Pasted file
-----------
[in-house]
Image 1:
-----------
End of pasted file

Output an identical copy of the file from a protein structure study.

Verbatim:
[in-house]
Image 1: